Newark & Washington Park in the 19th Century
This land on which the Polhemus House was located (and where the Museum is now) is part of the James Street Commons Historic District, listed in the New Jersey and National Registers of Historic Places and geographically defined by Washington Park. The James Street Commons Historic District is significant for its association with the development of Newark from its founding in 1666 to its transformation into a vibrant industrial city in the post-Civil War period. The house’s period of significance began c 1863—its approximate date of completion—and ended in 1948, the year in which it was sold for commercial use and ceased being the home of the Polhemus family. It was the last remaining 19th-century townhouse on Washington Park.
The house was constructed of load-bearing brick masonry with a timber-framed roof. The primary (east) façade featured bold projecting ornament in the Italianate style. This house set the architectural tone for the affluent homes that ringed Washing Park in the 19th-century.
From Agriculture to Industry
Newark was a rural, mostly agricultural community until the 19th
The 1840s through the 1860s were a period of rapid growth for the city. The 1840s was the beginning of Newark’s rise as an industrial center, known for the production of rubber, soap, beer, thread, glue, leather, trunks, shoes, hats, silver, jewelry, cutlery, tobacco products, varnish and fertilizer. Newark’s importance as a major manufacturing center brought with it a rapidly expanding population, from 17,290 in 1840 to 181,000 by 1890. Growth was fed by immigration, first from Ireland and Germany, and later from Italy and Eastern Europe. As the state’s largest city, as well as its financial and business center, Newark quickly developed from a rural outpost into a dense urban cityscape of industrial and commercial buildings, residences, schools, houses of worship, hospitals, and other
The Washing Park neighborhood’s 19th century development was very much a reflection of Newark’s development into a major industrial city. In the 19th century, before zoning laws segregated uses, the area around the James St. Commons/Washington Park developed as a mix of residential, commercial, and institutional properties. Between the late 1850s and the late 1880s, the resulting rise of the merchant and professional classes created a demand for appropriate housing and commercial and institutional services, including new houses of worship.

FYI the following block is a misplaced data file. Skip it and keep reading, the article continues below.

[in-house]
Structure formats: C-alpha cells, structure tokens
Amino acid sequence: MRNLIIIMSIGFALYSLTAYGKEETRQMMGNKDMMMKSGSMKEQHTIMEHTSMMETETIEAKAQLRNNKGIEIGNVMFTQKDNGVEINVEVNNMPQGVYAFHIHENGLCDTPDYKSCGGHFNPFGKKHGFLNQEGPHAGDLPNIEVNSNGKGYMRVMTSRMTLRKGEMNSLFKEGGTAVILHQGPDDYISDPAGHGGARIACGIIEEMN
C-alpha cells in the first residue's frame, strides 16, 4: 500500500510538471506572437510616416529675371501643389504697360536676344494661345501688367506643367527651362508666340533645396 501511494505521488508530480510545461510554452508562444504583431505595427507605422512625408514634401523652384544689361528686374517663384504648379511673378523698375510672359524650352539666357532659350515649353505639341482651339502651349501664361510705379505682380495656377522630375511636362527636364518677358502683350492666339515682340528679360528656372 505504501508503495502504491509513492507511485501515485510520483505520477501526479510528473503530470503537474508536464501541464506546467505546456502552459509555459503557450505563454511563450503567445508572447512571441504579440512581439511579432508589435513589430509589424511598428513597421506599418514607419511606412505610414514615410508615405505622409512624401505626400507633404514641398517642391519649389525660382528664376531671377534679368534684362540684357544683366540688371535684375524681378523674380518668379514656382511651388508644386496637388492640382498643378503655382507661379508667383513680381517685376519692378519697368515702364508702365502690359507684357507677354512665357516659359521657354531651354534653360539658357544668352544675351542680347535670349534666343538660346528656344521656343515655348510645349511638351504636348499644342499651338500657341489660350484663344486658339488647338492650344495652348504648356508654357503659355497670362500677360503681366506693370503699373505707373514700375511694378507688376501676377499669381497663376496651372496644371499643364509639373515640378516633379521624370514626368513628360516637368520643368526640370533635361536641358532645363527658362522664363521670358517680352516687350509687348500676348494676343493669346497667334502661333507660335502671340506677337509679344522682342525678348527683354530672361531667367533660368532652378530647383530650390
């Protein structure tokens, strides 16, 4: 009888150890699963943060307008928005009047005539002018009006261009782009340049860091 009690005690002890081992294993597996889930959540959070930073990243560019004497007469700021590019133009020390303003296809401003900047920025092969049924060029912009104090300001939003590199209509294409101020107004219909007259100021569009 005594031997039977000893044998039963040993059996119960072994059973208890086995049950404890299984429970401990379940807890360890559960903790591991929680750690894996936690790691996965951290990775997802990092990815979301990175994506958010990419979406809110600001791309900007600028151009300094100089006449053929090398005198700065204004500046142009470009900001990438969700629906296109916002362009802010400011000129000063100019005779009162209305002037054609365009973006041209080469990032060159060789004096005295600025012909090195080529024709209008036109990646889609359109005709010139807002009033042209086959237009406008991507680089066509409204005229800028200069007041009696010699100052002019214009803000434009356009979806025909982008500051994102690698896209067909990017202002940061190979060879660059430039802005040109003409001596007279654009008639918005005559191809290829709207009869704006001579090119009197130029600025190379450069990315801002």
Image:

20th Century Transition
In the early years of the 20th century, the homes around the park gave way to large-scale commercial and institutional buildings—many of which hare extant today—including the Veterans Administration Building on Washington Place (formerly Globe Indemnity Insurance Co. 1920) and the following buildings on Washington Street: the Newark Public Library (1901), the South Wing of the Newark Museum (formerly the Young Women’s Christian Association, 1913), the main building of the Newark Museum (1926), the American Insurance Company Building (1930), and the Second Presbyterian Church (1930), Only
Topics. This historical marker is listed in these topic lists: Colonial Era • Industry & Commerce • Settlements & Settlers. A significant historical year for this entry is 1666.
Location. 40° 44.55′ N, 74° 10.318′ W. Marker is in Newark, New Jersey, in Essex County. Marker is at the intersection of Central Avenue and Washington Street on Central Avenue. The marker is on the grounds of the Horizon Plaza- Newark Museum. Touch for map. Marker is in this post office area: Newark NJ 07102, United States of America. Touch for directions.
Other nearby markers. At least 8 other markers are within walking distance of this marker. The 19th Century Italianate Town House (here, next to this marker); Perfect Vehicles 1988-90 (a few steps from this marker); St. Patrick's Pro-Cathedral (within shouting distance of this marker); The First Academy in Newark (about 500 feet away, measured in a direct line); Seth Boyden (about 600 feet away); Donald T. Dust Home (about 600 feet away); Line of March of Washington’s Army (about 600 feet away); Christopher Columbus (about 700 feet away). Touch for a list and map of all markers in Newark.
Credits. This page was last revised on June 16, 2016. It was originally submitted on May 14, 2016, by Don Morfe of Baltimore, Maryland. This page has been viewed 179 times since then and 3 times this year. Photos: 1, 2, 3, 4, 5. submitted on May 14, 2016, by Don Morfe of Baltimore, Maryland. • Bill Pfingsten was the editor who published this page.